Probe corporate profit from Uyghur forced labor
Canada has launched an inquiry into accusations over use of Uyghur forced labor by Western corporations Nike and Dynasty Gold. Canadian Ombudsperson for Responsible Enterprise Sheri Meyerhoffer announced the inquiry July 11 as part of a broader initiative to evaluate grievances against corporations operating within Canada. Both Nike and Dynasty Gold are believed to have derived advantages from the utilization of coerced labor involving Uyghurs in the People's Republic of China. While the initial evaluation stipulates that Nike has not engaged in the direct use of such labor, the company's association with Chinese third-party entities does not absolve it of accountability. Nike contends that it has terminated relationships with Chinese third-party companies implicated in employing coerced labor.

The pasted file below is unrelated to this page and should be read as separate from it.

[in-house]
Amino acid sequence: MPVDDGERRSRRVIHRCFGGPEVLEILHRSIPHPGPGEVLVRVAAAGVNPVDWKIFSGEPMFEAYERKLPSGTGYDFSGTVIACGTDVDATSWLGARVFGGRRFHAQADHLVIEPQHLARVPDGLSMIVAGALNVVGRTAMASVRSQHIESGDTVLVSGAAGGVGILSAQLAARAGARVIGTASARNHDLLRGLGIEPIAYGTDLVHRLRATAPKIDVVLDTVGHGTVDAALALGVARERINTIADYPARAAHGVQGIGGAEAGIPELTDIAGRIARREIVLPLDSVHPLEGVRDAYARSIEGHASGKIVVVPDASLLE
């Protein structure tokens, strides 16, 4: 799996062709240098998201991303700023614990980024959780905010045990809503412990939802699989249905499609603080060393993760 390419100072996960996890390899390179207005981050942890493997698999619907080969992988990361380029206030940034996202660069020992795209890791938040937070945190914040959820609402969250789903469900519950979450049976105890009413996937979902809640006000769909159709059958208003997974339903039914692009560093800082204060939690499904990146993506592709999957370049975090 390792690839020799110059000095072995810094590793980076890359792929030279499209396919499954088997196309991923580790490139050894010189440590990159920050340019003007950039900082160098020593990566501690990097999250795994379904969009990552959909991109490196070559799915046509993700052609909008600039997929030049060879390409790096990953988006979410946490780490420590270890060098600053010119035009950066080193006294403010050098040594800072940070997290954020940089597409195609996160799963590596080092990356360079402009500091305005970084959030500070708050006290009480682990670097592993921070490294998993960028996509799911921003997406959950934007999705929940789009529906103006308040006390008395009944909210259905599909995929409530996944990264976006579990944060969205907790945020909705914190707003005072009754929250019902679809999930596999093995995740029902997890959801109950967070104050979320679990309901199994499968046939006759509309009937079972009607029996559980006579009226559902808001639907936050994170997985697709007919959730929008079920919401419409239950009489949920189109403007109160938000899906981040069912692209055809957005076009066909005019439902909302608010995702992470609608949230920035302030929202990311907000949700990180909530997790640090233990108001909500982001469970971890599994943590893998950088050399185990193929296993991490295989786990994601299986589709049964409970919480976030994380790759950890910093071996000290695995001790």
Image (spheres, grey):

Vancouver-based Dynasty Gold faces allegations of directly employing coerced labor of Uyghurs at a mining site in China. The initial evaluation finds that the company's denial of operational control over the mine at Hatu, Xinjiang region, "should not be taken at its face value," as Dynasty still possess a controlling interest in the operation.
Though Nike and Dynasty Gold were specifically mentioned in the announcement, the investigation extends beyond the two companies. Eleven other prominent corporations operating within Canada are also currently undergoing scrutiny.
The US State Department's Bureau of International Labor Affairs is among the bodies that have documented forced labor practices as a part of the Chinese government's "re-education" program targeting ethnic and religious minorities. Forced labor is strictly prohibited under international human rights norms and a range of international treaties.
From Jurist, July 12. Used with permission.
See our last report on forced labor in the People's Republic of China.